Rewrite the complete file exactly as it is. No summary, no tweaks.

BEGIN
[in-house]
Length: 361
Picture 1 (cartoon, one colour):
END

[in-house]
Length: 361
Picture 1 (cartoon, one colour):